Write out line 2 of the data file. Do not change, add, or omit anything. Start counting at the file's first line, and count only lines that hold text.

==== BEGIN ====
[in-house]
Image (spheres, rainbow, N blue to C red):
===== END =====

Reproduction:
Image (spheres, rainbow, N blue to C red):